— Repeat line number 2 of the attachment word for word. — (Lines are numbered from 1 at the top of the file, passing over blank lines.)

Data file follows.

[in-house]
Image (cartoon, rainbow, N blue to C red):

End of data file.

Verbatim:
Image (cartoon, rainbow, N blue to C red):